Competitive Valorant is about to get a whole new look in the VCT 2023 season. Riot Games is introducing three new international leagues – comprising the Americas, Europe, and Asia – which will serve as the premier level of pro Valorant.
These leagues will play host to competition between the world’s best players and top-tier organizations on LAN, in front of live audiences across the globe.
And in its boldest move yet, Riot is finally implementing a partnership model for Valorant, similar to League of Legends.
The kicker is that the company will not be asking for any participation or franchising fees for a spot in one of these international leagues, a stark contrast to the tens of millions organizations have paid for a slot in the LCS or LEC. In fact, Riot will even provide financial stipends to selected teams to help support them.
The new partnership model will not require any franchising fees
These international leagues will be Riot’s top-level, week-over-week competition in the Valorant esports ecosystem. They will also be the new method by which teams qualify for Masters and Champions global tournaments.
Each league will include teams from multiple regions based on geographical proximity. North America, Latin America, and Brazil will make up the Americas league. Europe, Russia, Turkey, and MENA will comprise the European league, while Southeast Asia, Korea, Japan, South Asia, and Oceania will be the third and final league.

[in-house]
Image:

With more regions playing against each other in the same league, you can expect to see even more rivalries come into play at the highest level of the game.
To ensure representation of all regions, Riot will select partnered teams in each league under the new partnership model. Throughout 2022, Riot will carry out a selective application process to identify the right long-term partners.
The partnership model was first adopted in 2017 for League of Legends in North America. It allowed both teams and Riot to invest in a shared vision of esports, and has since been rolled out in Europe, China, Latin America, Korea, Brazil, and Turkey.
“Players have benefited from larger salaries and more robust support systems, while teams have been able to plan multiple years into the future,” said Riot.
“A formal relationship with teams has enabled us to collaborate closely on ambitious events and digital experiences to create a deeply engaging esports experience.”
Elsewhere, Riot is setting up domestic leagues for rising talents who aspire to play in the international leagues. A new competitive game mode will also allow amateur players and teams to test themselves against the best in their region, providing players with a new goal beyond ranked play.
You can read more about the changes to the Valorant ecosystem in VCT 2023 here.